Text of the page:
Posted in Ongoing PD, Professional development, Uncategorized

LoopEd conference in Wellington 

I felt pleased to be invited to Wellington to present a session on blogging for students and teacher registration. I divided the session into the following sub sections:

  1. Why publish work to a blog when you are using Google Classroom
  2. The three way split between students, teachers and parents when work is showcased on a blog
  3. How blogs can vary across the year levels
  4. Examples of student blogs
  5. Teachers’ blogs for TAI and Teacher Registration
  6. We looked at the conference theme: Connection. Collaboration. Courage.

 

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So this is what we discussed:

  1. If blogs are used wisely with categories for posts, students will create wonderful digital portfolios. This will make it easy to refer back to published work. Having an authentic audience does mean that students need to proofread very carefully. This differs vastly from the stream of tasks in Google Classroom, useful in itself. But different.
  2. Blogs provide a link between teachers, students and parents. This is one of the big  bonuses to using  a combination of Google Classroom and blogs.
  3. The way we use blogs can vary across year levels. Middle school students can be encouraged to blog about topics that interest them. Media rich posts are very convenient as students can post video and photos directly from their camera roll. Publishing to YouTube is not necessary. NCEA students can be more selective, choosing to password protect certain blog posts. TurnItIn is used to check for authenticity.
  4. We looked at the differences between the genders with regard to their blogs.
  5. We spent some time looking at teachers’ blogs. We looked at TAI and Bundles of Evidence. We also looked at the 12 criteria for teacher registration. We spoke about blog-able moments and what evidence could look like. We also spoke about professional readings and reflection to improve practise.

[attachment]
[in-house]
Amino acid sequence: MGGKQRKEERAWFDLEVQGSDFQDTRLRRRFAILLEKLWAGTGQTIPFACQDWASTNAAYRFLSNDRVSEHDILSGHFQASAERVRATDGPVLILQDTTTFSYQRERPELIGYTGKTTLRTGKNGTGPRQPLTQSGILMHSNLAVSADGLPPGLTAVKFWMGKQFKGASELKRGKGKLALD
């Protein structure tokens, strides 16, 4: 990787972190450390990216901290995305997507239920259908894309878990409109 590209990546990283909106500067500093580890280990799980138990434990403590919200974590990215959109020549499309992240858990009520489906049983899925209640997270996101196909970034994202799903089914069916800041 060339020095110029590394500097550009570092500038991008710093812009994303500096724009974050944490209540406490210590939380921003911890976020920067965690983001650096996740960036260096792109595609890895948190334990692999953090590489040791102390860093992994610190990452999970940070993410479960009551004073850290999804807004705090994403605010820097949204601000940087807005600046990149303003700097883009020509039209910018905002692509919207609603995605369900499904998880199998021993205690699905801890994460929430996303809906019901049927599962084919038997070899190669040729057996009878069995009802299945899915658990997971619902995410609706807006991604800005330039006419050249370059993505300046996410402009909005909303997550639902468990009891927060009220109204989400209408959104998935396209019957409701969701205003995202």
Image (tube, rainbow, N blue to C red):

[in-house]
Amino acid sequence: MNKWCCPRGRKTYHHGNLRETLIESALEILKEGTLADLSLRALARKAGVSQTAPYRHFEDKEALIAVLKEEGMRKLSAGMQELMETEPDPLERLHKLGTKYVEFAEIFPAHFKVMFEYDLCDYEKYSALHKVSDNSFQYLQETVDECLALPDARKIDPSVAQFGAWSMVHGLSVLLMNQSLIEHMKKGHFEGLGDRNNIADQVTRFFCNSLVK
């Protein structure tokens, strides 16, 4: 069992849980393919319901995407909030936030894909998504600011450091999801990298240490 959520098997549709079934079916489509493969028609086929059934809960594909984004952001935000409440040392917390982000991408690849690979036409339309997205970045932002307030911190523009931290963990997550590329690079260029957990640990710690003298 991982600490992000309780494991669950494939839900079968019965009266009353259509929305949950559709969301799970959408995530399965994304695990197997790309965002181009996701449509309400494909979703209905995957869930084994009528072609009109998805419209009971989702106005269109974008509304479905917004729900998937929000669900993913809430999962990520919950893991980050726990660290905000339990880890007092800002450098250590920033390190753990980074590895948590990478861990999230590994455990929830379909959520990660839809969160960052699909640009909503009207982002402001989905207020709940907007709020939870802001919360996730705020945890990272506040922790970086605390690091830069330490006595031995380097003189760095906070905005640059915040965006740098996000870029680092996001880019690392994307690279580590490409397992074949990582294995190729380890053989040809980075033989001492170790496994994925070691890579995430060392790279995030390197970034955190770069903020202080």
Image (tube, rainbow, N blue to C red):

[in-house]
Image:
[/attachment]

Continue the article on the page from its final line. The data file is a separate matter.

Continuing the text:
6. Finally we looked at the conference theme: Connection. This would be following and reading each others’ blogs. I suggested that teachers look at Twitter to develop their PLG. Collaboration. This could develop across schools, across the country and globally. Courage. We finished with this. It does take courage to encourage students to blog as some teachers do not feel fully confident with the process. Teachers also need to be courageous to put their reflections “out there.” But taking the first step is the best way to move forward. Have faith in students as they are the ones that trouble shoot and figure things out. You then end up with a couple of experts in the room.

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Wellington did not disappoint, dishing up some glorious weather for us to enjoy after a well-run conference.

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